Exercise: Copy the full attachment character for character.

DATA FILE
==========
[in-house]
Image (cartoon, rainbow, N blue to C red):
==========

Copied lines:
[in-house]
Image (cartoon, rainbow, N blue to C red):